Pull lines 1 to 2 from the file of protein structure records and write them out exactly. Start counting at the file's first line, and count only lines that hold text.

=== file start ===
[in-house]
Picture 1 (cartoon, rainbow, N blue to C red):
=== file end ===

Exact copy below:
[in-house]
Picture 1 (cartoon, rainbow, N blue to C red):